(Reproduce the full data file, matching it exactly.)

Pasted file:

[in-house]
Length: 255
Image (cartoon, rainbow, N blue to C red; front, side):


[in-house]
Length: 255
Image (cartoon, rainbow, N blue to C red; front, side):